Last Updated: Mon Oct 31, 2011 06:54 am (KSA) 03:54 am (GMT)

Syria and Qaddafi’s Libya are the same

Tariq Alhomayed

Since the statement issued in Damascus by the head of the Arab League’s delegation about the “friendly” nature of their meeting with Bashar al-Assad, more than 70 Syrian citizens have been killed at the hands of the regime’s forces, with fifty people alone being killed last Friday!

The Arab League delegation that travelled to Damascus to discuss the Arab League initiative towards Syria were not deceived by the tricks employed by the al-Assad regime, namely accepting this initiative and then voiding it of its content. Indeed the Arab League issued a statement on Friday evening denouncing the continued killing of the Syrian people by the regime, which for its part seems to have lost its senses and responded to the Arab League, issuing a statement of its own yesterday expressing its astonishment at the Arab League statement! This war of words means that the Arab League initiative has failed, and that the al-Assad regime has failed to take advantage of this opportunity to teach the Arab League a lesson, as I mentioned in one of my previous articles [Syria: Time to freeze their membership]. Therefore today, it is up to the Arab League to teach the Damascus regime a well-deserved lesson, not because we are playing a game of one-upmanship or political muscle-flexing, but rather in order to spare the Syrian people from a regime that wants to remain in power even if this means shedding the blood of its own people.

It is up to the Arab League today to return to using the only language that the al-Assad regime understands, and take the only option that is left open to it with regards to the Syrian regime. Indeed this is nothing new, for the Arab League has taken this option before against the Gaddafi regime of Libya. I am, of course, talking about freezing the membership of the al-Assad regime and recognizing the Syrian National Council [SNC], as well as calling on the UN Security Council to take the necessary steps to protect the Syrian civilians. The Arab League should do this today, not in retaliation against the al-Assad regime, but for a number of important reasons. Firstly, in order to protect the Syrian civilians from the regime’s killing machine. Secondly, in order to ensure that the Arab League does not practice double standards, as Qaddafi claimed months ago, particularly as it appears today as if the Arab League is trying to buy time for the al-Assad regime. Therefore, in order to ensure that the Arab League does not become a partner with Hezbollah and Tehran in defending al-Assad – particularly after Iranian Foreign Minister [Ali Akbar Salehi] explicitly informed Asharq al-Awsat just a few days ago that Tehran supports granting al-Assad another chance – the Arab League has no choice but to take this step. The other issue here is that the required action by the Arab League, namely freezing the membership of the al-Assad regime and recognizing the SNC, is in itself a step that will guarantee that another Saddam Hussein or Muammar Qaddafi or Bashar al-Assad will not emerge in the ranks of Arab leaders. This is the role of the Arab League, and it is important that it fulfils this role today, more than at any time before.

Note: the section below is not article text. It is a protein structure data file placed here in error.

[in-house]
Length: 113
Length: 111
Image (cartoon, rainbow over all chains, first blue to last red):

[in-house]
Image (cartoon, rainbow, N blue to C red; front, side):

The comprehensive failure of the Arab League initiative means that the Arab League, and particularly some of the Arab League member states, have granted the al-Assad regime chance after chance, however what about the lives of all those that have been killed [during this time]? Therefore, it is up to the Arab League today to take every opportunity available to it to protect the Syrian civilians. Everybody today is convinced that there is no hope for the al-Assad regime, and that there is no hope for any reforms that it carries out, for this regime only speaks the language of brutality and suppression.

The Syrian regime tried to trick the Arab League, however it has fallen into its own trap, and therefore the ball – which is on fire – is now in the court of the Arab League, who must today realize that there is no difference between the al-Assad regime and the ousted Qaddafi regime.

The writer is the Editor-in-Chief of Asharq al-Awsat. The article was published in the London-based newspaper on Oct. 30, 2011.

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